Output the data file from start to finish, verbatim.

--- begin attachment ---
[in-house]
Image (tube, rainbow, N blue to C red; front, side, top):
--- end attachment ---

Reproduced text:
[in-house]
Image (tube, rainbow, N blue to C red; front, side, top):